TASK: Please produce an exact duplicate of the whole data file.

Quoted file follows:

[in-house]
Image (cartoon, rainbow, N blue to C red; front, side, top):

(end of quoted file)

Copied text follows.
[in-house]
Image (cartoon, rainbow, N blue to C red; front, side, top):